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I can't emphasize enough how important it is for a startup to be cheap. Most startups fail before they make something people want, and the most common form of failure is running out of money. So being cheap is (almost) interchangeable with iterating rapidly. But it's more than that. A culture of cheapness keeps companies young in something like the way exercise keeps people young.

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"Ramen profitable" means a startup makes just enough to pay the founders' living expenses. It's not rapid prototyping for business models (though it can be), but more a way of hacking the investment process. Once you cross over into ramen profitable, it completely changes your relationship with investors. It's also great for morale.

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Though the immediate cause of death in a startup tends to be running out of money, the underlying cause is usually lack of focus. Either the company is run by stupid people (which can't be fixed with advice) or the people are smart but got demoralized. Starting a startup is a huge moral weight. Understand this and make a conscious effort not to be ground down by it, just as you'd be careful to bend at the knees when picking up a heavy box.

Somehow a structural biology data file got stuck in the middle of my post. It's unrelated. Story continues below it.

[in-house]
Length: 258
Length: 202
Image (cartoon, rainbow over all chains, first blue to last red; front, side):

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Even if you get demoralized, don't give up. You can get surprisingly far by just not giving up. This isn't true in all fields. There are a lot of people who couldn't become good mathematicians no matter how long they persisted. But startups aren't like that. Sheer effort is usually enough, so long as you keep morphing your idea.

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Having gotten it down to 13 sentences, I asked myself which I'd choose if I could only keep one.

Understand your users. That's the key. The essential task in a startup is to create wealth; the dimension of wealth you have the most control over is how much you improve users' lives; the hardest part of that is knowing what to make for them. Once you know what to make, it's a mere effort to make it, and most decent hackers are capable of that.

Understanding your users is part of half the principles in this list. That's the reason to launch early, to understand your users.

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Offer surprisingly good customer service.

Customers are used to being maltreated. Most of the companies they deal with are quasi-monopolies that get away with atrocious customer service. Your own ideas about what's possible have been unconsciously lowered by such experiences. Try making your customer service not merely good, but surprisingly good. Go out of your way to make people happy. They'll be overwhelmed; you'll see.